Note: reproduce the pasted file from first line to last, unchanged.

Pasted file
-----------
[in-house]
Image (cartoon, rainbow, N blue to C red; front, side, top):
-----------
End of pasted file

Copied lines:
[in-house]
Image (cartoon, rainbow, N blue to C red; front, side, top):